Moskva, Slava class/project 1164 Atlant missile cruiser (1983-14 April 2022). LOA 612’/186.5m TDISP 11,500 tons. Formerly the Soviet Navy’s Slava, built at Mykolaiv. Slava and the other units of the class were updates to a series of missile cruisers armed with so-called “carrier killing” anti-ship missiles. They were intended as an economical alternative to the massive nuclear-powered Kirov class. Slava, renamed Moskva after the Soviet collapse, served as the longtime flagship of the Black Sea Fleet. It was engaged in blockading the Southern Naval Base of the Ukrainian Navy at Lake Donuzlav, during the 2014 Annexation of Crimea. At the beginning of the Russian Invasion of 2022, it conspicuously participated in the attack/seizure of Snake Island on 24 February 2022. Extensively damaged by two Ukrainian Neptune Anti-ship missiles 13 April 2022, it sank the next day while efforts were underway to tow it back to Sevastopol. This is the first flagship of a major fleet lost since the Second World War, and the largest warship lost in combat since at least the Admiral Belgrano (Argentinian Navy), a veteran former USN cruiser which was sunk during the 1982 Falklands War. During late April, the Kommuna, the elderly salvage vessel, was sent to the wreck to recover equipment or human remains.

Soviet guided missile cruiser Slava underway in the Mediterranean Sea. [detail of], 1986. Credit NARA, USN official 330-CFD-DN-SC-86-03642 (PH1 Paul D. Goodrich)

Moskva cruiser sevastopol 2016

Admiral Makarov, Admiral Grigorovich class Frigate (2017). LOA 409’/124.7m TDISP 4,000 tons. Reportedly this frigate, the BSF flagship after the destruction of Moskva, was damaged during the 29 October 2022 attack by USVs and UAVs (surface and air drones). Earlier reports of damage sustained on 6 May 2022 appear to have not been accurate.

Admiral Makarov, Saint Petersburg, 2018 © Ad Meskens / Wikimedia Commons

Admiral Grigorovich Sevastopol 2018-2

Saratov BDK-65 pennant 150 Alligator class/ Project 1171 Tapir Landing Ship (1966-24 March 2022). LOA 370’/112.8m TDISP 4,600 tons. Sunk at the port of Berdiansk, when hit by a tactical ballistic missile. Later it appeared to have been raised and salvaged, transported to Kerch. Two Ropucha II class landing ships escaped the harbour with some damage.

Saratov exercise БДК_Саратов
Saratov landing an infantry fighting vehicle on exercises, Oct. 2021. Credit: Mil.ru, CC BY 4.0 , via Wikimedia Commons

Alligator class landing ship Sevastopol 2020

Caesar Kunikov (1986) and Novocherkassk (1987), Ropucha II / Project 775M class landing ships (one or both damaged 24 March 2022 when Saratov was destroyed.) LOA 369’/112.5m TDISP 4,000 tons. Though at least one ship had a fire on its foredeck, and both had sailors killed during the Ukrainian attack on occupied Berdiansk, the extent of the damage to either ship is unclear. When they fled the burning port facilities, one ship circled, seemingly out of control and “Bismarcking” South of the port.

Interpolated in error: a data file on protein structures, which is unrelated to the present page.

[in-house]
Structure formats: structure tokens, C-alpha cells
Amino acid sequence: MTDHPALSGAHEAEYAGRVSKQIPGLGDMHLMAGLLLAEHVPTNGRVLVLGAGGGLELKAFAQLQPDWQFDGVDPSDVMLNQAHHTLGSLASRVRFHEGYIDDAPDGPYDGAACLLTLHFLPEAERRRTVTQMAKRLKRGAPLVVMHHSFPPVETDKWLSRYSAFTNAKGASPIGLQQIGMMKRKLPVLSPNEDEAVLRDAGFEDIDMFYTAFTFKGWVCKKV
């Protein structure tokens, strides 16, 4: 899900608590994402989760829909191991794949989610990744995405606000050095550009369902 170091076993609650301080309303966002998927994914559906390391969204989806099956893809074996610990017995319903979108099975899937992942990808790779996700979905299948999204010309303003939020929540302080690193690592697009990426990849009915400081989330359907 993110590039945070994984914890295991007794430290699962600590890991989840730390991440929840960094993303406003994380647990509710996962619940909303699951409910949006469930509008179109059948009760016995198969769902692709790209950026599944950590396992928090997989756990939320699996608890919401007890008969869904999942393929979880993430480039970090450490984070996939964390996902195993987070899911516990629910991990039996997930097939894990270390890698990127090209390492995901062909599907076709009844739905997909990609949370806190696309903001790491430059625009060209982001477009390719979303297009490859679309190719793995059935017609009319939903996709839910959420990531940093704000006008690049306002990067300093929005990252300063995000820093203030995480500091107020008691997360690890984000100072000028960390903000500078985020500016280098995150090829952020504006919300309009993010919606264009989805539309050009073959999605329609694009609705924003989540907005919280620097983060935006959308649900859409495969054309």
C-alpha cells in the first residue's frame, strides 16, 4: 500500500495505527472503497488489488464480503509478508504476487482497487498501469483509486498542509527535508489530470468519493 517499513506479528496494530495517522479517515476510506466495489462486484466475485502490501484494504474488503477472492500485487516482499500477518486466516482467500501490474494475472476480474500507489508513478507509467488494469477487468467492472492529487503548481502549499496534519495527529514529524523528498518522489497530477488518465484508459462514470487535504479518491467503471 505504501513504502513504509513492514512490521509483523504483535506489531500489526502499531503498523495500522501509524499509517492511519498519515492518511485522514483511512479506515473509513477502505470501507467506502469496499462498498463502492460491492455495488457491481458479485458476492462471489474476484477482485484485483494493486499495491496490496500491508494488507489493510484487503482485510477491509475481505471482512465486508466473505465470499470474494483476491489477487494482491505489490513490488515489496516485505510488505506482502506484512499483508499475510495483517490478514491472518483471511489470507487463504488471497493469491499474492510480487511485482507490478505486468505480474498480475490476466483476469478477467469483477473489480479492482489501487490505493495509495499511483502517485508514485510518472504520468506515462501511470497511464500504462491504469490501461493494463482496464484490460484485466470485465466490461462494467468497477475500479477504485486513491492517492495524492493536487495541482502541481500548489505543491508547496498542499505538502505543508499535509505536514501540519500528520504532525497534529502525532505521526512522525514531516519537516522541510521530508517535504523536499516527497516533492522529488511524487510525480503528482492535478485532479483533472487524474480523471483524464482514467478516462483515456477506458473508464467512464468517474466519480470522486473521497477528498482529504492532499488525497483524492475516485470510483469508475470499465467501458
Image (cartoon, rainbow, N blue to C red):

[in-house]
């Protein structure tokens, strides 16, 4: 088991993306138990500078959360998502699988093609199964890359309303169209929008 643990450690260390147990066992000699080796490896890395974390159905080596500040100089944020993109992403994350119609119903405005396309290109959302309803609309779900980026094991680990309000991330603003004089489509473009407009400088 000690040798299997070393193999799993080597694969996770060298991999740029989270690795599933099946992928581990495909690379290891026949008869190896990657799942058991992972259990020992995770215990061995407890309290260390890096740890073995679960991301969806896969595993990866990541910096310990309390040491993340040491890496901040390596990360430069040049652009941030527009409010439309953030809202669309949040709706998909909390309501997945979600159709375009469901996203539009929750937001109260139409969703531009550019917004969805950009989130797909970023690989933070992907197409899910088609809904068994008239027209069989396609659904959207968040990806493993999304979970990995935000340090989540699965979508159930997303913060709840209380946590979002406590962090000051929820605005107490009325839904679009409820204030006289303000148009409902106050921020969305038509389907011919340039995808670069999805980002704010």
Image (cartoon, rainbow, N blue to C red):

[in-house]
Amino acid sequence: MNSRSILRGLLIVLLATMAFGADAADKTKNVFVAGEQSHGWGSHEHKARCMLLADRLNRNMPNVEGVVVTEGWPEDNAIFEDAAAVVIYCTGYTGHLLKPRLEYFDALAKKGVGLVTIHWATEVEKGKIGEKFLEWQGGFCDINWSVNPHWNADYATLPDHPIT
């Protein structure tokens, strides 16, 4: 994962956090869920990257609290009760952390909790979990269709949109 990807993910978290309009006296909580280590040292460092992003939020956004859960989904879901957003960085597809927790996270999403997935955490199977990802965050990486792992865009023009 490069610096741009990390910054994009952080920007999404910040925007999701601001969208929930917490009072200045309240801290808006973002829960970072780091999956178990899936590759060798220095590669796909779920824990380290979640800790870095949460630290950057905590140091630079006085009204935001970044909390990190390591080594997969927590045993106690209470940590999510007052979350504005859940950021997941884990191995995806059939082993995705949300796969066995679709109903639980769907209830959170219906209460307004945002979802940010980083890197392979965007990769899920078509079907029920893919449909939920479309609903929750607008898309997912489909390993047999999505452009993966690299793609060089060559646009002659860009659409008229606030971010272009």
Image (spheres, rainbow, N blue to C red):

Cesar Kunikov LS БДК_«Новочеркасск»
Novocherkassk Aug. 2010. Credit: Александр Вепрёв, CC BY-SA 3.0 , via Wikimedia Commons


Ropucha II class LS Sevastopol
The inboard ship appears to be Caesar Kunikov, based on the visible portions of the pennant number.

Ivan Golubets (1973) Natya class / Project 266M minesweeper . LOA 200’/61m TDISP 870 tons. Damaged during unmanned surface drone attack on Sevastopol port, 29 Oct. 2022.Natya class MS Sevastopol 2021

Serna class/Project 11770 landing craft (6 May 2022). LOA 85’/25.7m TDISP 61 tons. Destroyed by a Bayraktar TB-2 drone while offloading supplies at Snake Island.

Serna class Astrakhan «Д-172»_и_«Д-131»
Serna class Landing Craft at Astrakhan, Caspian Sea Flotilla, 2015. Credit: Mil.ru, CC BY 4.0 , via Wikimedia Commons

Serna class LCs Novorossiysk 2021

Raptor class / Project 03160 Assault Boat (2 or 3 lost 21 March 2022 AND 2 May 2022). LOA 55’/16.9m TDISP 23 tons. Entered service around 2015. One unit destroyed or damaged by a soldier with a rocket launcher at Mariupol on 21 March, two units destroyed 2 May at Snake Island by a Bayraktar TB-2 drone.

Raptor Assault Boat, ca. Credit: Okras, CC BY-SA 4.0 , via Wikimedia Commons

Raptor Assault Boat Sevastopol 2020

The 2022 NOT LOST – Russian units erroneously reported damaged or destroyed: 3 ships, 5,780 tons tons: 

Vasily Bykov / Project 22160 Large Patrol Boat (2018). LOA 308’/93.9m TDISP 1,500 tons. Involved in the attack / seizure of Snake Island 24 February 2022. Widely reported as destroyed 7 March 2022 by salvos from a Ukrainian truck-mounted rocket system, with supporting video and photo evidence online being all fabricated or depicting other events.

Vasily Bykov-Василий_Быков_368
Vasily Bykov, July 2020. Credit: http://www.kremlin.ru, CC BY-SA 4.0 , via Wikimedia Commons

Project 22160 corvettes Novorossiysk 2018

Admiral Essen, Admiral Grigorovich class Frigate (2016). LOA 409’/124.7m TDISP 4,000 tons. Reports about this modern frigate being hit by an anti-ship missile attack on 3 April 2022 either were not accurate or the amount of damage was insignificant, as the ship quickly reemerged in operational status.

Admiral Essen 502._День_ВМФ_РФ_на_Неве_31.07.2016
Admiral Essen, ca. July 2016 Credit: GAlexandrova, CC BY-SA 4.0 , via Wikimedia Commons

Admiral Grigorovich Sevastopol 2018

Ataman Platov, a Dyugon class /Project 21820 large landing (ca. 2010) craft briefly reported damaged or destroyed 12 May 2022 at Snake Island. LOA 148’/ 45 m TDISP 280 tons.

Dyugon class Michman Lermontov firing MTPU-1 in Baltiysk, 2015. Vadim Grishankin, Mil.ru, CC BY 4.0 , via Wikimedia Commons
Dyugon LC Makhachkala 2021

*During the Falklands War, the Royal Navy lost two destroyers, two frigates, a landing ship, and a landing craft, which total to around 22,100 tons, not counting the SS Atlantic Conveyor, which was a large merchant ship engaged in military activities.

** The terms of the 1936 Montreux Convention that limits access to the Black Sea are more complicated than this, however, the result is that Russia cannot reinforce its Black Sea Fleet.

***Reports indicate some of the Caspian Sea Flotilla ships have been involved in a limited way, firing Kalibr missiles at Ukrainian targets.